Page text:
A spokesman for Evers did not respond to a request for comment.

Amid all the disruption, Whitewater's government celebrates itself as a progressive oasis nudged between two counties that supported former president Donald Trump in 2016 and 2020. The top item at a Feb. 10, 2024, city council meeting was "proactive approaches to address potential NeoNazi activities in the city or on campus." Further down the agenda was a discussion of how to "promote a welcoming and educational environment for new immigrants."

Chuck Mills flies the Israeli, American, and "Blue Lives Matter" flags outside his tow shop. He disagrees with many of the city council's more liberal stances. But when it comes to migrants, he's mostly on board.

"Some conservatives want to paint all these immigrants as, you know, rapists and murderers," Mills said. "I did eventually welcome them here, it's still a fluid situation, knock on wood, but I've had nothing but good experiences."

Mills notes that Whitewater has faced a labor shortage since 2020, as the town's University of Wisconsin satellite campus never fully rebounded from COVID lockdowns and remote learning.

"There businesses around here needed to fill this void that a failing university left behind when they sent all the kids home and many just never came back," Mills said. "You got farms out here that need help, and I'd take one of these immigrants over a college student."

It's unclear, however, where all those workers will live: Whitewater faced a housing shortage before the migrants arrived. As of February 2022, "on average, only seven new, single-family homes have been constructed per year in the past decade," a city housing report concluded.

The report also noted that nearly half of Whitewater households "spend greater than 30% of their average income on housing related costs," more so than in neighboring counties.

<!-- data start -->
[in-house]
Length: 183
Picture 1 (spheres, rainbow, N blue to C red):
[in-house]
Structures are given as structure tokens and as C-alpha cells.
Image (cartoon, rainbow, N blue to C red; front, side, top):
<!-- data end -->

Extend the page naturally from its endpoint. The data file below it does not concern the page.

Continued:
"This indicates that many residents in Whitewater are struggling to pay their rent or mortgage and are forced to make choices related to other expenses in order to afford their monthly housing costs," the report continued.

According to Rep. Bryan Steil (R., Wis.), whose district includes Whitewater, this local problem has a "simple" national solution.

"You need to actually enforce our immigration laws," Steil told the Free Beacon. "The challenges that Whitewater is facing are ones communities around the country are facing. We can't just address the symptoms, we have to solve it by securing our border."

Sen. Ron Johnson (R., Wis.) made a similar point in November, noting that the arrival of migrants in Whitewater would be "devastating" for the local economy.

But locals understand they are powerless to fix the underlying problems that brought the migrants to Whitewater. Whether federal aid comes or not, they have no choice but to adapt to their new reality.

"We haven't reached our breaking point yet," said Smith. "I don't know where that is, I would love to see Biden take action, but here in Whitewater we're just going to have to figure it out."